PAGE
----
frequency associated with the reconstruction matrix. In this instance, , = 3 cycles/mm. The center

30mm region of the reconstruction is displayed in Fig. 17.

The basic relationship between an acoustic signal and a heterogeneous distribution of absorbed energy is given by Equation 7. At any moment in time following an irradiating optical pulse, the temporally weighted and temporally integrated acoustic pressure up to that time is

proportional to a surface integral of the absorbed heat distribution R(r) within the object being

imaged. This relationship is true, provided the irradiating optical pulse is short enough and sharp

enough. This condition is met for optical pulses less than 1 μs duration.

In order to "reconstruct" R(r') from a set of acoustic measurements, data must be

sampled over at least 2π steradians. In the restricted case, where significant optical absorption takes

place within a narrow plane, R(r') can be reconstructed using a set of co-planar acoustic data

acquired over 360°. The image displayed in Fig. 17 was reconstructed under these conditions. This image reflects what one would expect: a "cut" through the center of a spherical and cylindrical absorber. It is of note that a "halo" artifact surrounds the image of the latex ball 86. This originates from the decreased velocity of sound within the latex ball (1.0 mm/μs) compared to the Liposyn-

10% solution (1.5 mm/μs). Were R(r') distributed throughout a larger volume, it would have been necessary to

obtain acoustic data over the surface of a hemisphere in order to adequately reconstruct R(r'). Such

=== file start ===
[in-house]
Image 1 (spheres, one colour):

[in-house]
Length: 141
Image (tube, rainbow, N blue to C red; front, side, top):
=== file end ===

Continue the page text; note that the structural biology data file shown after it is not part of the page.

an operation can be performed by the transducer geometries described above.

Further details on the above experimental arrangement can be found in Kruger et al.,

"Photoacoustic ultrasound (PAUS) — Reconstruction tomography", Medical Physics 22(10): 1605-

1609 (October 1995), incorporated by reference herein in its entirety.

A second methodology for image generation can also be derived from Equations (8)

and (9). Specifically, it can be shown that the Laplacian of the back-projection of the time- weighted, integrated pressure signals is approximately equal to the back-projection of the first time derivative

of the pressure signal, if the radius R of any imaged object is small, i.e., where |r-r' |»R, as follows:

R {r') =A∑ t . x (10) i =X dt

where t{ = | r,-r' |/vg, r' is a vector that denotes the location within the tissue, η is a vector that denotes

the location of transducer i, vs is the velocity of sound, A is a constant, and p,(t) is the samples of the pressure signal that reaches the i-th transducer.

Referring to Fig. 18, using this approximation, the steps in the reconstruction process are as follows:

1. Positioning transducers acoustically coupled to the tissue under study (step 114).

2. Positioning an electromagnetic source electromagnetically coupled to the tissue

under study (step 116).

3. Irradiating the tissue with brief pulse of electromagnetic energy E(t) at time t=0 to induce acoustic signals in tissue (step 118). 4. Sampling and storing pressure measurements pA(t) at each transducer beginning at

time t=0 (step 120).

5. Calculating the time- weighted, first temporal derivative ofp tj, i.e., t^dp tj/dt), for each of the / transducers (step 122).

6. For each position, r', in the tissue, summing the selected values of the time-